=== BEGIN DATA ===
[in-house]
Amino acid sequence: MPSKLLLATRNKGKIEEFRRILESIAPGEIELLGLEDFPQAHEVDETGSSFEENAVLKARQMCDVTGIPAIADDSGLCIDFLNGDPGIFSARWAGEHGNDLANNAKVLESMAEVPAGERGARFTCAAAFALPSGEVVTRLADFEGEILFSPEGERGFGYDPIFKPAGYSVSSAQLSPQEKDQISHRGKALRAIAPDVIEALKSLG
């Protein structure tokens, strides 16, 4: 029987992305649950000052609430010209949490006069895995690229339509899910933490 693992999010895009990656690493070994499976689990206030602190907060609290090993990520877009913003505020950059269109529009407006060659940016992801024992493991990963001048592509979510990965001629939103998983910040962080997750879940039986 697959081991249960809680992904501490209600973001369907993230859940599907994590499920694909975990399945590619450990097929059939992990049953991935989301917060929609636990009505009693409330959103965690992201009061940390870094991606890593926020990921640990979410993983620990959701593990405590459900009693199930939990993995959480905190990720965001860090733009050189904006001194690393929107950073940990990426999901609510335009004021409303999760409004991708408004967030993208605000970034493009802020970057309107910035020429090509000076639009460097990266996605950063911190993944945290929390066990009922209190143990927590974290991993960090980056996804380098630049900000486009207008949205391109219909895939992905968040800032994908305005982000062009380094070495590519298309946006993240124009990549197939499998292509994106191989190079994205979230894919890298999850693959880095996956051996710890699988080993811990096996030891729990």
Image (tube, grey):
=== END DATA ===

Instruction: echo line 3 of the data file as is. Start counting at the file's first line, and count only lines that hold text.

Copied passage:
């Protein structure tokens, strides 16, 4: 029987992305649950000052609430010209949490006069895995690229339509899910933490 693992999010895009990656690493070994499976689990206030602190907060609290090993990520877009913003505020950059269109529009407006060659940016992801024992493991990963001048592509979510990965001629939103998983910040962080997750879940039986 697959081991249960809680992904501490209600973001369907993230859940599907994590499920694909975990399945590619450990097929059939992990049953991935989301917060929609636990009505009693409330959103965690992201009061940390870094991606890593926020990921640990979410993983620990959701593990405590459900009693199930939990993995959480905190990720965001860090733009050189904006001194690393929107950073940990990426999901609510335009004021409303999760409004991708408004967030993208605000970034493009802020970057309107910035020429090509000076639009460097990266996605950063911190993944945290929390066990009922209190143990927590974290991993960090980056996804380098630049900000486009207008949205391109219909895939992905968040800032994908305005982000062009380094070495590519298309946006993240124009990549197939499998292509994106191989190079994205979230894919890298999850693959880095996956051996710890699988080993811990096996030891729990």